During the past two years, the Orioles have used 52 players each season. Their roster now holds 40 players. You do the math. Sooner or later, someone not currently on the 40-man roster -- or maybe a dozen someones -- will be logging some playing time with the Birds. Which non-roster invitees to spring training have the best chance of finding themselves in Baltimore this year?
ALFREDO ACEVES, RHP
Aceves, 31, has a history of pitching in the American Leauge East, having spent three seasons apiece with the Yankees and Red Sox. But he also has a history of being a nuisance, getting suspended by the Red Sox in 2012 for confrontations with then-manager Bobby Valentine and continuing his troublesome antics in 2013. When Aceves has his head on straight, he can be a quality reliever, as evidenced by his 3.69 career ERA and 29 saves. He has a good chance to crack the Birds' bullpen, but only if he can behave himself -- manager Buck Showalter likely won't put up with any nonsense.
QUINTIN BERRY, OF
A longtime friend of O's center fielder Adam Jones, Berry, 29, has had a less distinguished big league career, with a .711 OPS during parts of two seasons. Berry's main weapon, though, is his speed. He went 24-for-24 in stolen-base attempts during his regular-season career, and he snuck onto Boston's 2013 playoff roster to serve exclusively as a pinch runner, swiping another three bags without getting caught. Berry might spend most of the year in the minors, but if the O's find themselves in contention in September, he could prove to be a valuable speedster off the bench.
ALEXI CASILLA, IF
Speaking of speedsters, the Orioles are giving another look to Casilla, who spent the entire 2013 season on the club's roster, providing speed and defense, but little else. Casilla spent most of the year buried on the bench, appearing in 62 of the Birds' 162 games, but he seemed to accept his role as a utility infielder who made sporadic starts. Casilla's ability to back up J.J. Hardy at shortstop could give him a leg up on the utility infielder competition.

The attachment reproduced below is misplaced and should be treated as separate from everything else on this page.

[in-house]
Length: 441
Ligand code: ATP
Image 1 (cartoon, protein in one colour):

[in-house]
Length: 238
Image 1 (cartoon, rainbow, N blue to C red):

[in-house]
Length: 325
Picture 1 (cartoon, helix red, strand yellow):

XAVIER PAUL, OF
Paul, 29, has 335 games of experience with three big league teams, and the Reds used him to great effect as a bat off the bench in 2013 -- he produced a .909 OPS in 36 plate appearances as a pinch hitter. Paul is nothing special defensively, but he could play a role as a useful bench player for the Birds, who often struggled to find viable pinch hitters in 2013. If nothing else, he would help the Orioles replenish their stock of Xaviers on the roster after their trade of Xavier Avery last year.
DELMON YOUNG, DH
You'll rarely find a more enigmatic and star-crossed player than Young. Young's career has taken a precipitous fall since Tampa Bay drafted him with the first overall pick of the 2003 amateur draft. Once touted as a five-tool player, Young has gained weight through the years and lost his speed and range (which is why he probably has a better chance of making the roster as a DH than an outfielder). He's also had off-field troubles, including a hate crime arrest in New York in 2012 after he allegedly tackled a man and yelled anti-Semitic slurs. But if Young has put his checkered past behind him, he can potentially serve a purpose for the Orioles in one specific role: hitting left-handed pitchers. Young is a career .812 OPS hitter against lefties, slugging .471. The question is whether the Birds would have the roster flexibility to carry a defensively challenged platoon DH.